Article Text

  1. A J Sybilski2,
  2. A Wolniewicz2,
  3. K Tolak-Omernik2,
  4. A Łagun2
  1. 1Department of The Prevention of Environmental Hazards, Medical University of Warsaw, Warsaw, Poland,
  2. 2Department of Paediatric and Neonatology, Central Clinical Hospital of Ministry of Internal Affairs, Warsaw, Poland


Introduction Along with the recent trend toward shorter post delivery hospital stays has come an increase in complications from hyperbilirubinemia. Early hospital discharge practices have been associated with increased hospital readmission rates. Is it always indispensable and reasonable?

Aim To perform a retrospective analysis of causes of neonatal hyperbilirubinemia as a reason for readmission.

Methods Authors reviewed the charts of 193 children (72 girls and 121 boys; age 3–56 days), who were readmitted due to neonatal jaundice from 1996 to 2006. We scrutinized final diagnosis, serum bilirubin level in admission day, and length of hospitalization.

Results Infections were recognized as final diagnosis in 60.1% all infants (n = 116). The major infection diseases were urinary tract infection 54.1% (n = 63), pneumonia and/or bronchitis 28.4% (n = 33), omphalitis 8.6% (n = 10). The etiology of hyperbilirubinemia were unknown in 37.5% (n = 72). On admission day serum bilirubin levels were between 5.1–22.8 mg/dL (median 14.33 mg/dL): children with unknown etiology of jaundice, 13.35 mg/dL; infants with infection disease or other causes, 14.9 mg/dL. The length of hospitalization ranged from 1 to 29 days.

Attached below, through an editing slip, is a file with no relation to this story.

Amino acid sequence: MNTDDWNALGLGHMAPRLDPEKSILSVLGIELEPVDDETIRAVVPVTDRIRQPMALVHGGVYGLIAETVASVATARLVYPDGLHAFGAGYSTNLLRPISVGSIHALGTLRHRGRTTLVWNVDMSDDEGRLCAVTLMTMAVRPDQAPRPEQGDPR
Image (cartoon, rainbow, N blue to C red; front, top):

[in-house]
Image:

Conclusions Almost 40% of causes of neonatal hyperbilirubinemia, which was due to hospital readmission, are of unknown origin. The admission bilirubin level is not useable as a prognostic factor for discharged diagnosis. Owing to a dominant etiology of jaundice (urinary and lower respiratory tract infection), the process of reaching the diagnosis should be performed by a GP. This could reduce the necessity for hospital readmission due to neonatal hyperbilirubinemia.

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